Tech Insider					     Technology and Trends


			      USENET Archives

Path: gmd.de!urmel.informatik.rwth-aachen.de!
newsserver.rrzn.uni-hannover.de!hrz-ws11.hrz.uni-kassel.de!
news.th-darmstadt.de!math.fu-berlin.de!zib-berlin.de!netmbx.de!
Germany.EU.net!EU.net!howland.reston.ans.net!paladin.american.edu!
darwin.sura.net!newsserver.jvnc.net!igor.rutgers.edu!geneva.rutgers.edu!
hedrick
From: hedr...@geneva.rutgers.edu (Charles Hedrick)
Newsgroups: comp.os.linux.misc
Subject: Re: Linux vs. NetBSD
Message-ID: <Jan.23.21.30.58.1994.1280@geneva.rutgers.edu>
Date: 24 Jan 94 02:30:59 GMT
References: <2hosie$4ts@homea.ensta.fr> 
<2hv1h9$gt9@olivaw.apanix.apana.org.au> <RV.94Jan23194254@lego.cs.brown.edu>
Organization: Rutgers Univ., New Brunswick, N.J.
Lines: 63

r...@cs.brown.edu (rodrigo vanegas) writes:

>But BSD source is free isn't it? Why don't the linux network code
>developers simply copy it out?

I think the real answer is that it's more fun to write a new
implementation. However there are also a couple of rational
justifications:

- the BSD code is now fairly old. Some people have claimed that
a new implementation could get better performance, particularly
in a Linux environment. (There are some differences in 
the kernels that may affect how one would interface networking
code to it.)

- there is still a suit in progress covering the free BSD code.
While I am reasonably sure that the networking portion
of the code is not at risk, courts have in the past made
decisions that I consider irrational. It's not entirely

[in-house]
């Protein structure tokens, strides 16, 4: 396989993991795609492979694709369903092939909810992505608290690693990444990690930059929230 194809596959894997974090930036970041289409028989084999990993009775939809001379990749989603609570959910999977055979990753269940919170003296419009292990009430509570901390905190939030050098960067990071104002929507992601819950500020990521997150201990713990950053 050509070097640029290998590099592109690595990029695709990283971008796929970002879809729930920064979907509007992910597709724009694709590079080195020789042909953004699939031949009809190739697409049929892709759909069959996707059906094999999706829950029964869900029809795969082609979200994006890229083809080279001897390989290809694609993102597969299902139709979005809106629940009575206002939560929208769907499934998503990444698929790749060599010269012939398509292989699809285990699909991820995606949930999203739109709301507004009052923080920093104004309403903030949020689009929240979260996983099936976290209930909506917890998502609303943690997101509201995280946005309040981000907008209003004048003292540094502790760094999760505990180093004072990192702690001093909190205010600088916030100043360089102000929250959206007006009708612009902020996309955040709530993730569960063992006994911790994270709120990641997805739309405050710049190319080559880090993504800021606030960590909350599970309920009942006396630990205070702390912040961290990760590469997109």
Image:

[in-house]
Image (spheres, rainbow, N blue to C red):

unreasonable (though perhaps it is bordering on paranoia)
for the community to want an alternative to the BSD code.

Note also that you can't just take the BSD modules and insert them
into the kernel. Some adaptation would be necessary to make them fit
into the Linux kernel. Whether that adaptation would be more or less
work than fixing the existing Linux networking code is a matter of
debate.

I personally think that neither of the reasons above is very strong.
Berkeley has put an incredible amount of work into design and
performance, and in order to do better you'd at least have to start by
understanding their work. (I say this despite the fact that I get
roughly twice the throughput for FTP's involving Linux than netBSD.
However it's hard to believe that this is a basic problem with the BSD
code. Its basic capabilities are well known from other ports. In
particular, it can saturate an Ethernet with a single TCP connection
using less processing power than our Linux systems have.) The
networking portion of BSD had been distributed widely well before the
suit, and as I understand it ATT had agreed that that portion of the
code was OK to distribution. So I don't think there's any real legal
issue.

The real answer is more practical: no one has done the necessary work.
There was actually a port of the netBSD networking code into Linux. I
tried it briefly. I thought it was very promising. However there
were enough loose ends that the Linux code worked better. I think the